Taiwan's new envoy to U.S. to push for trust-based partnership

07/11/2020 04:35 PM
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Taiwan's representative-designate to the United States, Hsiao Bi-khim.

Taipei, July 11 (CNA) Hsiao Bi-khim (蕭美琴), Taiwan's representative-designate to the United States, has vowed to develop a trust-based partnership with the U.S. on many fronts, especially in the area of technology security.

The former legislator and National Security Council advisor was appointed as Taiwan's de facto ambassador to the U.S. in June and will become the first woman to hold the position when she takes it over by the end of this month.

"I lived in the U.S. for 10 years, went to high school and graduate school and then found a job in Washington D.C. I feel like God wants me to serve as a bridge between Taiwan and the U.S.," she told CNA in an exclusive interview.

"Aside from that, I've been in close contact with the U.S. over the past three decades due to the nature of my work," she said.

Hsiao said she intends to push for wide-ranging cooperation with the U.S. in such areas as national security, agriculture, trade, industrial restructuring, and technology security, with technology likely a priority.

Taiwan's representative-designate to the United States, Hsiao Bi-khim.

Competition between the U.S. and China has shifted from geopolitics to technology in recent years, and many believe Beijing's rapid technology advances are partly due to its theft of trade secrets from the U.S., she said.

China's spying activities in technology have alarmed the industry, she said, and therefore opening more doors for Taiwan to strengthen technology cooperation with the U.S. becomes important.

As a manufacturing hub of information and communication technology products, Taiwan needs to ensure that it is a trustworthy partner of the U.S., she argued.

Another important challenge will be promoting Taiwan's soft power through sports diplomacy, food diplomacy and other cultural activities, Hsiao said.

One of her plans to achieve that goal is to hold exhibitions showcasing Taiwanese culture and art at Twin Oaks, an 18-acre estate located in Washington, D.C. that is owned by Taiwan's government and used for official functions.

Although she is not a career foreign service officer, Hsiao felt she possesses the personality traits, especially being creative and impartial, needed for her new job.

"Since I am not from the foreign service system, I can treat everyone from different government branches equally. My efforts to advance Taiwan-U.S. relations will not be one that is limited to diplomatic aspects," she said.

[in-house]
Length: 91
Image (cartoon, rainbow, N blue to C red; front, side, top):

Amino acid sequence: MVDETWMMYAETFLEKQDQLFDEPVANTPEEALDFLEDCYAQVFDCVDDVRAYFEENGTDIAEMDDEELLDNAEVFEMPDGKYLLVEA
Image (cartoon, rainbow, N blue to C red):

Another asset, Hsiao said, is that she knows President Tsai Ing-wen's (蔡英文) views and the outlook of the nation's security team on many issues very well.

Taiwan's representative-designate to the United States, Hsiao Bi-khim.

Regarding Taiwan-U.S. relations, Hsiao said a free and open Pacific, the core value of the U.S.'s Indo-Pacific Strategy, is aligned with Taiwan's national interests, especially as China expands its influence in the region.

Taiwan will use its limited resources to help maintain regional peace and stability in the region, Hsiao said, and she believed that many like-minded countries would like to work with Taiwan not only on security issues but in other fields, such as Chinese-language learning.

"There are plenty of opportunities for Taiwan to engage in more interactions with other countries," she said.

Several challenges await Hsiao in her new position, however, including China's "Wolf Warrior" diplomacy.

Hsiao, a cat lover, joked that she will cope with China's offensive with "Cat Warrior" diplomacy, as cats are smart, agile and flexible, allowing them to find a way out in difficult situations.

Another challenge is the COVID-19 pandemic, which prevents face-to-face interactions between people, she said.

More "creative ways" are needed to cope with the new normal, Hsiao said.

Hsiao, born to an American mother, has served as the Democratic Progressive Party's chief of international affairs and a consultant to the Mainland Affairs Council, and has participated in various regional organizations, including the Council of Asian Liberals and Democrats.

(By Wen Kuei-hsiang, Yeh Su-ping, Chen Yun-yu and Emerson Lim)


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